After the end of the World War II., the students of the Erzsébet University got to Munchen and Oxford for the summer holiday courses.
What were the reasons for the students not taking advantage of summer courses? On one hand the cause was the monetarly cirsumstances of the students, on the other hand the lack of foreign-language skills, in spite the fact, that the Erzsébet University stressed the neccessity of the same skills.
Available foreign-language courses at the Royal Erzsébet University between 1918 and 1949
language
Academic year/time period
French
1918/19.; 1923−1949
English
1918−1923; 1925−1948
Italian
1918/19.; 1926−1948
German
1924−1949
Slovak
1923−1949
Finnish
1926/27. II.;1930−1936
Estonian
1926/27. II.
Serbian
1931−1945
Croatian
1931−1945
Swedish
1933−1935; 1942−1948
Russian
1941−1949
Bulgarian
1942−1944
Esperanto
1946−1949

Language learning wasn’t an obligatory part of the university studies, therefore we don’t have exact data about how many students learnt languages at the university, but we have some idea from the three notes of National Scholarship Council [9] about the lack of sufficient language skills amongst the applicants to study abroad.

References
[1] Hostels and studies for Hungarian students during their scholarship stay at foreign universities.
[2] Miklós Mann: Oktatáspolitikusok és koncepciók a két világháború között. (Educational Politicians and conceptions between the two World War.) Budapest. 1997. 105.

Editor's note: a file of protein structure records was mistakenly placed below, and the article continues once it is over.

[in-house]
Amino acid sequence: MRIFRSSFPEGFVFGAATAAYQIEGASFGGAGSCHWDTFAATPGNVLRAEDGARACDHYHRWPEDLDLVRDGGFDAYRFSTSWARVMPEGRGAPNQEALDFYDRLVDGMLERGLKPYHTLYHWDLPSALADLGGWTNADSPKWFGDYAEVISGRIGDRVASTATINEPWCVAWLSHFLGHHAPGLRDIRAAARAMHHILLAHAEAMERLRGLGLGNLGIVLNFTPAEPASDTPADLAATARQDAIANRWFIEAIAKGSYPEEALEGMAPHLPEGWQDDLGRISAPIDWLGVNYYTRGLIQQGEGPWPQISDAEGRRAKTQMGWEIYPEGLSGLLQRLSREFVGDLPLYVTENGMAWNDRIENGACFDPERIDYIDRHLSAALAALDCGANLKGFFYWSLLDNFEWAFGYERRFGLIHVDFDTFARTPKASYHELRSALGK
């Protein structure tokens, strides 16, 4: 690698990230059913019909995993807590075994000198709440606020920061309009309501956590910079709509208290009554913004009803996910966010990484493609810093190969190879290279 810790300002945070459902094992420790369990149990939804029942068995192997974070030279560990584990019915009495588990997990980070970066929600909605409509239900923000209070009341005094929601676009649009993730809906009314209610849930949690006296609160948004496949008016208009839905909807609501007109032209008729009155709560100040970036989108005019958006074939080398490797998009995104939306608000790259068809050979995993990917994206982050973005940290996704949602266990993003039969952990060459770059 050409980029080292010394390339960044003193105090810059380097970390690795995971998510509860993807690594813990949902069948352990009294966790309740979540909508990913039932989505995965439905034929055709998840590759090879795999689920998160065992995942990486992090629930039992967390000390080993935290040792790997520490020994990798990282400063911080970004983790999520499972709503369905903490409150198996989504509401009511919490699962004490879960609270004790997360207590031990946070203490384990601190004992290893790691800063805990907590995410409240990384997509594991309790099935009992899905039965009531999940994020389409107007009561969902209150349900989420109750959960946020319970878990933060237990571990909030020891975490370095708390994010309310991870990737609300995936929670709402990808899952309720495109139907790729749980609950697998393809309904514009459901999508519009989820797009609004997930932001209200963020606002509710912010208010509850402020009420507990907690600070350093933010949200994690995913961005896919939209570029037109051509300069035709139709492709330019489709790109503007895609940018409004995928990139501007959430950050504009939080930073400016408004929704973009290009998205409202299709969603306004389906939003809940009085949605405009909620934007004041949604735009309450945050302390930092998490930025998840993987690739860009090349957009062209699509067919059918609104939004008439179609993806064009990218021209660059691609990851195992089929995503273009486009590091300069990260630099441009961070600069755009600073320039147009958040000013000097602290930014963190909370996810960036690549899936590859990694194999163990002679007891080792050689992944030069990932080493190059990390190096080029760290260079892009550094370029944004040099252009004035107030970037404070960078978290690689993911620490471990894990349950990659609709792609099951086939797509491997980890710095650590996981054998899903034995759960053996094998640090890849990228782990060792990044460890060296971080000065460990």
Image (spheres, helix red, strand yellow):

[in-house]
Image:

[3] Agreements: Poland, Italy, Austria (XVII., XVIII. and XIX. Acts of 1935), Germany  (V. Act of 1937 and XXXIV. Act of 1940) Estonia and Finland (XXIII. and XXIX. Acts of 1938), Japan  (I. Act of 1940) and  Bulgaria ( XVI. Act of 1941).
[4] Hungary joined to the Anti-Comintern Pact in 1939 and to the Tripartitive Pact in 1940.
[5] Society for Visiting Scientist, 5. Old Burlington Street, London. Pécs, University Archives VIII. 104. b. 411/1946–47., 27. April. 1947.
[6] The number of law students at the end of the 1934/35 academic year was 892, but only the third of them attended the seminars. The other two-third of them usually held a job and they just took their exams at the university in Pécs.
[7] A normal salary for an official in the private sector  was 200 Pengő. In 1937 1 USD was 5.40 Pengő. 1 GBP was 4.94 USD. 1 GBP was approx. 26.67 Pengő.
[8] Pécs, University Archives reference number: VIII. 101. a. 1936/37. Academic Year. Minutes of the first meeting of the University Council. 30. Szept. 1936. 19. point. The number of arts students was 120 at the end of the 1936/37. academic year.
[9] It was founded in 1927 with the main mission of award scholarships and travel aids. Pécs, University Archives reference number: VIII. 104. b. 294/1929–30., VIII. 107. e. 190/1930–31, VIII. 107. e. 67/1930–31.